What Are the Two Forms of Equity Infusion?
When a company needs to raise capital, it may look at various options: debt, venture capital, mergers, private equity investment or public offerings. Some investors believe the best returns come from equity investments into promising business that are already established and in their growth phase. For these companies, they may infuse equity in exchange for a stake in the company. Other investors infuse hard money equity to support construction projects which have been approved for financing subject to the developer's initial capital. These are the two forms of equity infusion that investors seek.
In the construction industry, developers who have difficulty securing capital from investors for a construction loan may need an equity infusion of hard money as a requirement to the bank's capital. An investor's cash equity infusion enables the release of the construction funds to allow the development to begin. The hard-money equity infusion is generally more expensive than a debt loan with a lower interest rate. A developer considers it, nonetheless, since the hard money attracts additional cash equity infusion from other investors without the hard money costs. Combined, the less expensive cash equity infusion and the bank's loan can pay off the hard-money equity infusion.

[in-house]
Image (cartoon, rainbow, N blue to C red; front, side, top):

If banks and investors are turning you down and you still believe that your construction project will be a profitable venture that you will be able to line up traditional financing for within a year and a half, once sales are under way, a hard-money equity infusion may be the answer. If you have buyers lined up for your project upon completion, a hard-money equity infusion may be right for you. Keep in mind that a hard-money investor will not hesitate to enter into foreclosure proceedings if you are not able to live up to his terms.
Some investors prefer companies that are already established and need funds to expand. They are willing to infuse equity into this type of company in exchange for a minority equity stake. To accept the equity infusion, the company may need to give up management control. The investment firm recoups its investment and return by acting in an advisory capacity in management, operations and financially to ensure the company's growth.
If you do accept the cash equity infusion from an investor for your established business, the investor benefits from a fee and the return on investment. The investor may need to convert his equity into liquidity for you for which he may charge a fee. He benefits from the return on his investment if your company merges, is sold, or goes public. In any of these exit strategies, the investor is paid out based on the agreed returns.